Friday, October 17, 2008

"Paperback Dreams" And The Need To Support Independent Bookstores

As followers of this blog know, I am an avid book collector and the entirety of my browsing and shopping takes place at used and/or independent bookstores, be they in San Diego, San Francisco, Santa Rosa, or Portland.
Given this hobby and the joy I derive from it, I, of course, have a strong allegiance to these stores and do my best to support them. In that vein, The Jess and I watched an amazing and unsettling program on PBS this morning entitled "Paperback Dreams." This program focused on two important and vibrant stores in the Bay Area: Cody's Books in Berkeley and Kepler's Books in Menlo Park.
The journey of these stores, the influence they and other similar stores have in our communities, and the significant chance (or reality) of them failing were explored in a fascinating and telling fashion. You can buy the DVD or click here to find out when it's on your local PBS network.
I've written about this subject before, but was spurred to bring it up again by the facts brought up in this program. These stores are a vital part of our communities, and when they're gone, they stay gone. They face tremendous pressure from many sides, but mostly from the sterile and soulless chain bookstores (Barnes and Noble, Borders) as well as big-box stores (Target, Costco, Walmart) that carry new releases right next to the lawn furniture.
Now more than ever these independent bookstores need our support. In tough economic times, we all need to make careful and considered decisions on where our money goes. So what's the difference when you shop at an independent store? The wonderful website spells it out, as well as allowing you to find local stores in your community.
"When you shop at an independently-owned business, your entire community benefits:
The Economy
  • Spend $100 at a local and $68 of that stays in your community. Spend the same $100 at a national chain, and your community only sees $43.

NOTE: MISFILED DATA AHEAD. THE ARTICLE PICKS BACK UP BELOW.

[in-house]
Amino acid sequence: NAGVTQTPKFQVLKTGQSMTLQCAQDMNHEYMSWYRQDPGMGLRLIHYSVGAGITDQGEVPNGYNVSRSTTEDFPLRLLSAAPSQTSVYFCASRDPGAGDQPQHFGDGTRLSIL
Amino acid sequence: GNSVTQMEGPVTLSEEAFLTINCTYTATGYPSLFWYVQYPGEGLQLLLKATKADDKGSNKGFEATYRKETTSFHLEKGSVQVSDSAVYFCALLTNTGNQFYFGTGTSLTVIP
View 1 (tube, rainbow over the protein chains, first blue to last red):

• Local businesses create higher-paying jobs for our neighbors.
  • More of your taxes are reinvested in your community--where they belong
The Environment
  • Buying local means less packaging, less transportation, and a smaller carbon footprint.
  • Shopping in a local business district means less infrastructure, less maintenance, and more money to beautify your community.
The Community
  • Local retailers are your friends and neighbors—support them and they’ll support you.
  • Local businesses donate to charities at more than twice the rate of national chains.
  • More independents means more choice, more diversity, and a truly unique community"
I simply ask that when you and your friends are going book shopping, make the choice to shop at your local independent store. Chances are, they'll have or be able to order what you're looking for, and when you're there, you will be helped by any number of really bright and engaging people who share your interests and can make great recommendations.
If you want to shop online, don't just leap to Amazon, as most independent stores have their entire stock easily searchable and available. The best example is the wondrous Powell's Books in Portland, which has everything and will deliver virtually anywhere. You can even use Amazon and still support independent bookstores. Simply select your book and click on the "used and new" link in the center of the page. This gives you access to a host of private sellers that you can support with your purchase.
Spending money is a conscious act, so we have a responsibility to be conscious of where our money is going when we spend it. That said, here are some links to independent stores throughout California. Please feel free to send me other stores via comment and forward this post to anyone you think may be interested.
San Diego
Adams Avenue Bookstore
Wahrenbrocks Book House
Santa Rosa
Copperfields Books
Treehorn Books
San Francisco
Green Apple Books
Cody's Books. I include this link to remind us how much of a loss it is when one of these stores closes. Cody's fed minds for 52 years and now it's gone for good.
Menlo Park (near Stanford University)
Kepler's Books
Los Angeles
Angel City Books


Anonymous said...

Santa Barbara, CA
Chaucer's Books
3321 State Street
34 years old generatl independent bookstore in over 7000 square feet

woman owned small business

Anonymous said...

addition to last comment


Mark said...

Another in Northern California is Book Passage ( in Corte Madeira. Great books and great speakers including Khaled Hosseini (The Kite Runner), Eric Schlosser (Fast Food Nation), Mohamed Yunus (2006 Nobel Peace Prize winner), Paul Krugman (2008 Nobel Prize for Economics)

amalthea said...

Thank you for this Mark! Independently owned businesses everywhere are suffering in this economy (as if it isn't difficult enough to make it in the best of situations). Our favorite book stores, flower shops, stationary stores, grocers, restaurants, clothing boutiques, coffee shops will not survive without us making the conscious decision to think local first.

Anonymous said...

Mark , I didn't realize Cody's had closed. I have my Cody's bookbag from a trip there when I was working one summer in San Francisco.

I was introduced to Keplers by a six year old who took me on a tour of the store years and years ago. Sadly I have not been back in almost as many years. I do spend time at Camelot Used Books in Fountain Valley California. It's a great used bookstore.
Susan Sweet